Song of the Day #4,900: ‘Radioactivity’ – Kraftwerk

German electronic band Kraftwerk formed in 1969 and over the next decade released seven albums that helped define the electro-pop and rap music of the 1980s. Without Kraftwerk, there would likely be no Depeche Mode, Human League, OMD or Soft Cell.

Depending on your taste, that might not be a ringing endorsement. But their impact is undeniable, and so they were inducted into the Rock & Roll Hall of Fame in the ‘Early Influence’ category, reserved for acts that might not have made a huge splash commercially but helped pave the path for others.

Kraftwerk was first eligible for Hall inclusion in 1996 and received six nominations before finally making it in this year.

Founding band member Florian Schneider died in early 2020, which might have helped push his band past the finish line the following year. It’s a shame how often Rock Hall inductees pass away before receiving the honor.

Radioactivity
Radioactivity
Is in the air for you and me
Radioactivity
Discovered by Madame Curie
Radioactivity
Tune in to the melody
Radioactivity
Is in the air for you and me

Radioactivity
Is in the air for you and me
Radioactivity
Discovered by Madame Curie
Radioactivity
Tune in to the melody

Radioaktivität
Fur dich und mich in All entsteht
Radioaktivität
Strahlt Wellen zum Empfangsgerat

Radioaktivität
Wenn’s um unsere zukunft geht
Radioaktivität
Fur dich und mich in All entsteht
Radioactivity
Is in the air for you and me
Radioactivity
Discovered by Madame Curie
Radioactivity
Tune in to the melody
Radioactivity
Is in the air for you and me

Radioactivity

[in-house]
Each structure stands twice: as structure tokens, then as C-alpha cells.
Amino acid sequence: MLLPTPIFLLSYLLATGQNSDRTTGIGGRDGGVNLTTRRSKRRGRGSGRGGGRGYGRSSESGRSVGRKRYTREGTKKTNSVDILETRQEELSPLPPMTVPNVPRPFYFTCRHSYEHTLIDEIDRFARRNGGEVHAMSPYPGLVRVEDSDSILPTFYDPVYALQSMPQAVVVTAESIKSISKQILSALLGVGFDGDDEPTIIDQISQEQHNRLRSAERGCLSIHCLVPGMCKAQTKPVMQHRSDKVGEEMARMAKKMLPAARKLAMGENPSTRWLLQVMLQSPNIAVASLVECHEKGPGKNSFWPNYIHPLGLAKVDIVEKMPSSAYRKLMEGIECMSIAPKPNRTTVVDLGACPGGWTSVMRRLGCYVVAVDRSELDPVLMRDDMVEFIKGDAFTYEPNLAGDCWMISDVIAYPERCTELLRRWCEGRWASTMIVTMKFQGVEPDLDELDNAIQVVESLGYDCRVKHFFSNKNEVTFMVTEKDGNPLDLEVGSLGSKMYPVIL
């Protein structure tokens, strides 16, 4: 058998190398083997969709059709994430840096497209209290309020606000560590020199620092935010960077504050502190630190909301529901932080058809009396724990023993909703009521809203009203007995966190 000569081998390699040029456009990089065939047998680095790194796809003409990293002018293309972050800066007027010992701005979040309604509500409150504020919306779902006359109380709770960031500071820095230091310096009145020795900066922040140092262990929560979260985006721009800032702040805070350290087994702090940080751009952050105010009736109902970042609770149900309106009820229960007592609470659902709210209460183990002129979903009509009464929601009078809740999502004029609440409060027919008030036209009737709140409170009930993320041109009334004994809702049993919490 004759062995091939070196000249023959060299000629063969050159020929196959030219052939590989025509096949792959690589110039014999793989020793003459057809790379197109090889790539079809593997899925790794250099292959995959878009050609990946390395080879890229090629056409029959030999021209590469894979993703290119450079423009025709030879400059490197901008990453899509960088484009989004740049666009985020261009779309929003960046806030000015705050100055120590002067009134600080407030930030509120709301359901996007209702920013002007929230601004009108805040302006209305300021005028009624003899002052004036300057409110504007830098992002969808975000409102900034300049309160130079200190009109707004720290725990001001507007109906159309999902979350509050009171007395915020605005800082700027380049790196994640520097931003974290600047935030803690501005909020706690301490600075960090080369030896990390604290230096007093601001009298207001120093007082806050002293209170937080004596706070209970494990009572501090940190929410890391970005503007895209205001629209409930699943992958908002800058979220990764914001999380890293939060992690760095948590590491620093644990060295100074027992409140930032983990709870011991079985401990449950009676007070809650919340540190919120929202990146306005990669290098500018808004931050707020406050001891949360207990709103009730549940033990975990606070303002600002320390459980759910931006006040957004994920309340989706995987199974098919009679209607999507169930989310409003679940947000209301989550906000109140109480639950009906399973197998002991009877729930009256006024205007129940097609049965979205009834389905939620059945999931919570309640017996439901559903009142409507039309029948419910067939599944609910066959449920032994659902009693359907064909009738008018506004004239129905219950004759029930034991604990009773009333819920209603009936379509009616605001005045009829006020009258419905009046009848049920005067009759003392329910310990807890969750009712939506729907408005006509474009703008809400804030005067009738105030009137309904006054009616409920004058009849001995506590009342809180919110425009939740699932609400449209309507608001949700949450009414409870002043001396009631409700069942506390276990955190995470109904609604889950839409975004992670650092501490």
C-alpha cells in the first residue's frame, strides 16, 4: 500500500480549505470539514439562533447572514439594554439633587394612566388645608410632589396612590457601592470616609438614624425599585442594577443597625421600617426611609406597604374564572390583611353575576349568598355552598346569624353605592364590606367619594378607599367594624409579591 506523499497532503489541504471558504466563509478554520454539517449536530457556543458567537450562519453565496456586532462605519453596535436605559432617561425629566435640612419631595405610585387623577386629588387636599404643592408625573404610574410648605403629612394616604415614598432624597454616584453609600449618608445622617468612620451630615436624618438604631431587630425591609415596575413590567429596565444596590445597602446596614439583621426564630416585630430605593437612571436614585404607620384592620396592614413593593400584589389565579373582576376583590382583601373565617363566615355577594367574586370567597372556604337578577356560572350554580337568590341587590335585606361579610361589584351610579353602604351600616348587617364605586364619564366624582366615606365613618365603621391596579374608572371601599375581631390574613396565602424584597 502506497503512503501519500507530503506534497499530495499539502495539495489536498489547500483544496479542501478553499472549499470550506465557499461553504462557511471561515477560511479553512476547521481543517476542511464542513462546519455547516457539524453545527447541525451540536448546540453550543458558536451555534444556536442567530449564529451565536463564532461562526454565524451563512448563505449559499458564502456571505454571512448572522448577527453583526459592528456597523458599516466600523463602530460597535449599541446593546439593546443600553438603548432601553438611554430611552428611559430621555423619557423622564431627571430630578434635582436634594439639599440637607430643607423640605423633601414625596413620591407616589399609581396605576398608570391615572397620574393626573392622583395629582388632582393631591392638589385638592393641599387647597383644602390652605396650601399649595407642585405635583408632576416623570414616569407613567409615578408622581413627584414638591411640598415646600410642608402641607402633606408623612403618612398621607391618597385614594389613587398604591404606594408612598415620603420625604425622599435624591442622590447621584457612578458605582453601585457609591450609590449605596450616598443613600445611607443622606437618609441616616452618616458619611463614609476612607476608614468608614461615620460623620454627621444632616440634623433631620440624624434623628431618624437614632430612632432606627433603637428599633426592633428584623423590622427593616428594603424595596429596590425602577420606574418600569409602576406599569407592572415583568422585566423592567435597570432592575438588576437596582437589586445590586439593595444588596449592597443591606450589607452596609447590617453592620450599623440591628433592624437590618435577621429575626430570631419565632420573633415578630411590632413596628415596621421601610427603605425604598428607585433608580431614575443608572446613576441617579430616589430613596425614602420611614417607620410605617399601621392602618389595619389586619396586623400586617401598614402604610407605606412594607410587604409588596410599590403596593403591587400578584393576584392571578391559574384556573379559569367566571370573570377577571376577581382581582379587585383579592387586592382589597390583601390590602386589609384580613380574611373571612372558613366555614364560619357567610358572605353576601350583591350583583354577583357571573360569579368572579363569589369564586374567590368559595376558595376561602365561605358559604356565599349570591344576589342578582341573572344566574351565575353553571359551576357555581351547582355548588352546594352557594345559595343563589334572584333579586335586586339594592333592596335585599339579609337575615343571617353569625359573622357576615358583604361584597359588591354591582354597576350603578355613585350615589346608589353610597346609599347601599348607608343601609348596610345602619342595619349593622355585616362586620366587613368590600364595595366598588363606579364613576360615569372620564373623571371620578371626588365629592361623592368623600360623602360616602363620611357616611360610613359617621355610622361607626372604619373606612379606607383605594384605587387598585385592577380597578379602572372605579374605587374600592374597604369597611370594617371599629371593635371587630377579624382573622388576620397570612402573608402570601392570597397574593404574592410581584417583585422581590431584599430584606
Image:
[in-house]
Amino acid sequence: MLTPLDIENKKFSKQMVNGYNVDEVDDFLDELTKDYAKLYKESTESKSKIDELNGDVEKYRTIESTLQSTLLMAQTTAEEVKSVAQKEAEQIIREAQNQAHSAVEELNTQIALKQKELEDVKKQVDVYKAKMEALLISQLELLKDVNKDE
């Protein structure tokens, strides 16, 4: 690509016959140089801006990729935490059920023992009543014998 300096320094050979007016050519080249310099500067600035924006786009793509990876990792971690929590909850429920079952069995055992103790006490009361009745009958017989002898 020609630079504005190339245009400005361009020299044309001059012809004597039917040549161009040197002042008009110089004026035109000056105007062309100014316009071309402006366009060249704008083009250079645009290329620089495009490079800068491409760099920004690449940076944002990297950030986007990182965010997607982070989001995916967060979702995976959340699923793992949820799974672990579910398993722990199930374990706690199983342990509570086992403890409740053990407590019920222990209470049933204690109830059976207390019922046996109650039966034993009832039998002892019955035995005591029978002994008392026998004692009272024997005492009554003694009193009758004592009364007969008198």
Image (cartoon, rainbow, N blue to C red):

Discovered by Madame Curie
Radioactivity
Tune in to the melody
Radioactivity
Is in the air for you and me
Radioactivity
Is in the air for you and me

4 thoughts on “Song of the Day #4,900: ‘Radioactivity’ – Kraftwerk

  1. Dana Gallup says:

    One obvious way to reduce the number of posthumous inductions would be to lower the number of years (25) from first recording in order to be eligible. It is lower in sports hall of fames, and, as with those other Halls, you would have some clear inductees in the first year of eligibility, while others would still have to wait years or decades to get in, if they ever do at all. They could even create another category for old timers, like sports halls do, to give certain artists who were overlooked a better chance to get in.

    Given how, unfortunately, living the rock and roll life can lead to an early death, lowering the years of eligibility seems particularly appropriate for the Rock Hall.

    • Clay says:

      I think the 25-year period is fine. In the came of sports halls, the short clock starts ticking after the player’s career is over. In this case, it starts when an artist’s career begins. That’s a big difference.

      Kraftwerk was inducted 50 years after the start of their career, so the Hall had nearly 25 years AFTER the initial 25 year period to honor them while Schneider was still alive.

      I’d have to check the stats, but my guess is that there are so many posthumous inductions because the artist’s death results in them getting more votes on the next ballot. Which is a sad catch-22. They had to die to get in!

  2. Peg says:

    I agree with Dana. I have never heard of today’s inductee or those he paved the way for. Just not a fan of electro-pop or rap. I guess that’s why.

  3. willedare says:

    Thank you for writing about such a wide range of music. I need to listen to more Kraftwerk. I only know a few of their songs.

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